First Try

The first thing that we tried was building a separate server out of some spare parts. We threw a dual Opteron 246 together with a 120GB 8MB Cache SATA hard drive and 1GB of memory. The hardware itself worked fine, although I/O was a bit of a bottleneck due to the mediocre IDE hard drive. Compiling larger .NET projects is very I/O intensive. The main problem, however, lied with the software side of the implementation, particularly debugging. In order for Visual Studio to debug projects on remote servers, there are several hoops that you have to jump through, and after you finish doing that, you may or may not be successful.

After spending a day or two trying to get remote debugging working correctly, I decided that developing the .NET projects locally was the reliable choice. The next decision: which hardware were we going to use? I/O wasn't that great on our home-built server, and we wanted to use the latest technology to build a powerhouse workstation that would serve our needs for years to come (rebuilding workstation/servers isn't something that we like doing often).

As luck would have it, we received a SuperMicro 7044A-82R from SuperMicro, which certainly fits the "Powerhouse" workstation bill that we were looking for. Not only is our new workstation outfitted with the latest technology, it has the redundancy and workstation/server chassis to go with it. We've used some Supermicro products through the years, and it has always served us well. In fact, we still have an old SC750-A Supermicro case around the labs, which was one of the first server cases that we used at AnandTech.

Index The New Powerhouse
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  • JasonClark - Friday, September 10, 2004 - link

    mikepeck, it certainly is overkill, we're speed nuts like the rest of you. Compile time for building isn't much at all, but compile time after a change (as .NET re-compiles all of the files) does take some time. As said in the article the opteron did just fine, but 7200 RPM IDE drives aren't all that quick during heavy compilation. This article was more information, not a benchmark or comparison between opteron/nocona as a workstation.

    We are interested in doing some real workstation benchmarks, but need some input as to what people would like to see.
  • mikepeck - Friday, September 10, 2004 - link

    Wow. This is what happens when you have a hardware nut from a hardware site put together a "workstation". Also, not sure how a measly dual opteron wouldn't hack it. How long of compiles are you talking about here? I've done serious .NET development on systems FAR less than what you speak of. Perhaps it is a bit of jealousy, but for a .NET development machine, ya, just a BIT of an overkill.
  • Booty - Friday, September 10, 2004 - link

    I know this is a bit off topic, but I've looked around for some good how-to's for building your own high-end workstations and/or servers, and haven't found much. There's tons of info out there about building your own PC, but not much for servers. Hell, I wouldn't even know where to go to buy the hardware - Newegg doesn't seem to carry much server stuff.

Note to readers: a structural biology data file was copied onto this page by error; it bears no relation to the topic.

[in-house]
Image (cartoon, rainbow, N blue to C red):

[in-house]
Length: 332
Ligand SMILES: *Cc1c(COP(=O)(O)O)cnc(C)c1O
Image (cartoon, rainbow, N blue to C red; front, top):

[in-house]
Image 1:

Say I wanted to build the equivalent of a Dell PowerEdge 6600... anyone know of any good resources for someone wanting to get into that type of thing?
  • JasonClark - Friday, September 10, 2004 - link

    One thing this article brings up is the need for workstation articles. If any of you are interested, what benchmarks would you like to see, besides compiling.

  • JasonClark - Friday, September 10, 2004 - link

    Ryan, we keep most of the hardware we test around the labs for future articles/comparisons. Spare is a term to be used lightly in the lab, until its needed :).
  • RyanVM - Friday, September 10, 2004 - link

    You know, if dual Opteron 246s, 1GB memory, and a 120GB SATA hard drive are "spare parts", I want to rummage through you guys' junk pile! :P
  • PrinceGaz - Friday, September 10, 2004 - link

    I was under the impression that AMD K8 processors (Opteron, Athlon 64) are considerably faster than than Intel's best Pentium 4's for compiling. Given that a 3.6GHz Nocona is to all intents and purposes a P4 560, with 64-bit support which Windows Server 2003 does not use, and an Opteron 250 is equivalent to an Athlon64 FX53 (S940); the 3.6GHz Nocona is a long way behind the Opteron 250 in the Visual Studio compile test.

    That gap will almost certainly widen in a dual-processor system.
  • JasonClark - Friday, September 10, 2004 - link

    Exmaster76, you'll see an article very shortly about Opteron 250 vs Nocona 3.6..

  • JasonClark - Friday, September 10, 2004 - link

    daniel, I had a look at that app as well, not bad but I wanted everything running at the same time as some sites depend on others.

  • daniel1113 - Friday, September 10, 2004 - link

    I've got one word for any web developers out there that use Windows XP Pro rather than a server OS:


    It allows you to easily switch between websites in IIS. Of course, you are still limited to one website at a time, but if you work on multiple sites on your home computer, this little program works wonders.

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